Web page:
With the current Covid 19 crisis throwing businesses and lives astray everywhere, the volatility that it creates for businesses is no less apparent in manufacturing industries. There is no crystal ball that can predict the next crisis. What we can be sure of, however, is that building resilience into a company’s strategy can help mitigate risk.
Becoming more resilient is key for businesses if they wish to stay afloat during economic downturns and during times of crisis of different origins.
So how can manufacturers build resiliency into their way of operating? While there are many factors, manufacturers that exemplify this characteristic have three main attributes.
Firms with superior products are resilient because the value they create isn’t affected by the economic conditions. Often this can come down to a product or service having few or no substitutes, which means demand is unaffected by downturns. Having a superior product gives manufacturers a strong competitive advantage.
The key to developing superior products is investing in research and development. The report states that 60 percent of resilient firms invested heavily in R & D in the boom times before downturns, so when the tides turned, they were able to innovate and keep ahead of the competition.
Firms with diversity in their product mix and geographic export markets are resilient because they’ve spread their risk.
Diversity doesn’t necessarily require a number of different final products. Manufacturers should, alongside selling their own assembled products, take opportunities to be part of supply chains for other firms if they have the capacity. Should your product’s industry begin to wane, you can continue to remain buoyant by selling intermediary pieces to other firms either locally or in other geographic territories allows your firm to have the capacity that you can call upon in times of need.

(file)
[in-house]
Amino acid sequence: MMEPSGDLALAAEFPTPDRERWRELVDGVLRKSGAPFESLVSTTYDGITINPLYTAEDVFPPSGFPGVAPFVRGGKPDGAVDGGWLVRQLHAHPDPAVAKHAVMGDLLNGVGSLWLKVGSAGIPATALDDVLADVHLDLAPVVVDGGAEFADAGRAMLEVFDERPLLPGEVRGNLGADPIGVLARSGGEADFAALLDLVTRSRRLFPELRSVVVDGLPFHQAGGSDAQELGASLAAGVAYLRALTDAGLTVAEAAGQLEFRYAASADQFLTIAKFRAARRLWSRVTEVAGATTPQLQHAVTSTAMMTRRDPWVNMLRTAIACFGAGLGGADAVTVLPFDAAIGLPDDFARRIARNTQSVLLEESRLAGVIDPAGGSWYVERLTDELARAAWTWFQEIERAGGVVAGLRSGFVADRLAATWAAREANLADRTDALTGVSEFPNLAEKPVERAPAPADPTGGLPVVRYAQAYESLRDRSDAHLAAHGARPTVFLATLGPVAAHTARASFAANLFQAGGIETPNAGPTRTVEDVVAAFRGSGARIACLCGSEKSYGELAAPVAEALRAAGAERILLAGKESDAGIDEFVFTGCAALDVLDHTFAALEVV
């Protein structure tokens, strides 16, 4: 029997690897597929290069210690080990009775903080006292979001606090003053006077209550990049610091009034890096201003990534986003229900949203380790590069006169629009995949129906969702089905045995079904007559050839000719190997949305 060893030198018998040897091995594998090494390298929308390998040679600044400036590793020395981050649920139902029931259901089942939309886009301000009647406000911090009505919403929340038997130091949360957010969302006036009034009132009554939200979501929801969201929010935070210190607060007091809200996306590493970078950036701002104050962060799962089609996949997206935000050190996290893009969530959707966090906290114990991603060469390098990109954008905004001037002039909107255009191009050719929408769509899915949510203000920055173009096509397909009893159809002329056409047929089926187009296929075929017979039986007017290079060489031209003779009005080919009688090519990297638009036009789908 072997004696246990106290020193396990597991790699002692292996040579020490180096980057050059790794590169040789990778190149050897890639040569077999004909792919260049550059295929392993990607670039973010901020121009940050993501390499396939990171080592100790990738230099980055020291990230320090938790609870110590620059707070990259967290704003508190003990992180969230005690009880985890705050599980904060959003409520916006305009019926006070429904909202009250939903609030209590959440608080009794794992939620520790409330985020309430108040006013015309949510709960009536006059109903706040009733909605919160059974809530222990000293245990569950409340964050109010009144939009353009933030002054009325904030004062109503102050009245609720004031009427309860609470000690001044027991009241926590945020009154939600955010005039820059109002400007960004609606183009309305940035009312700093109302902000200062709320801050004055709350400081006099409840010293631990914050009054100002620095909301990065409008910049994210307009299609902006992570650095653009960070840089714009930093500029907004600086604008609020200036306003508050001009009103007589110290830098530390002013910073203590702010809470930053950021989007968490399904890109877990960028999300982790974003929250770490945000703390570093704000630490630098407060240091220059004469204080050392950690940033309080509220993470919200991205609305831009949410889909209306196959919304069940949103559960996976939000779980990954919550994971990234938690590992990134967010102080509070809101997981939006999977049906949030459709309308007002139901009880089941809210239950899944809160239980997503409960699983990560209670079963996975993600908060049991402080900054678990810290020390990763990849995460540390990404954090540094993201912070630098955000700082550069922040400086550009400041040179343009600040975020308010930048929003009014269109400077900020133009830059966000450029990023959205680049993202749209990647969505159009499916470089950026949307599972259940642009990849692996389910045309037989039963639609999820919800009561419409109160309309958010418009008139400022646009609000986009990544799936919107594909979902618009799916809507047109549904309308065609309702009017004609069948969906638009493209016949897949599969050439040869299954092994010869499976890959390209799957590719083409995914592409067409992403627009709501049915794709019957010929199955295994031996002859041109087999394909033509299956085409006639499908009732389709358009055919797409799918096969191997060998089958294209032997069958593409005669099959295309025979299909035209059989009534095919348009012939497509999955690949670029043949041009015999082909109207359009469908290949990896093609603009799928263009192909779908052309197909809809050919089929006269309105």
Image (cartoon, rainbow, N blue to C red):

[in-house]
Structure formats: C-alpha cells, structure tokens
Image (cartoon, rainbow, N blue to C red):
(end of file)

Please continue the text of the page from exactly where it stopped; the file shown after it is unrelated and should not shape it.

Firms with flexibility built into their business structures are resilient because they’re able to adapt to changing economic climates. Like chameleons that change to fit their environment, firms that have flexibility can, for example, manage costs in downturns by minimizing variable expenses (including labor) or shift production priorities to more financially healthy sectors of the economy.
Flexibility starts with your business structure. If you’re immobile in the way you purchase from suppliers or employ workers full time, you’ll be unable to flex costs down in the slow times. Likewise with the industries you choose to focus on. Flexibility in manufacturing operations means you can prioritize those sectors that are booming.
The world today is changing faster than ever before – and in the future, the rate of change will be even greater than it is now. To survive in the long run, companies will have to continuously renew their competitive edge and build sufficiently resilient organizations to enable this capability. With these three principles, designing such a system tailored to your manufacturing business gets just a little closer to reality.